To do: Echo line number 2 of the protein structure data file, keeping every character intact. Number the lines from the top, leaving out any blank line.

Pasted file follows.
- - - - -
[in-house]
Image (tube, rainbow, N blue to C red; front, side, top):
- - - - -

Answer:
Image (tube, rainbow, N blue to C red; front, side, top):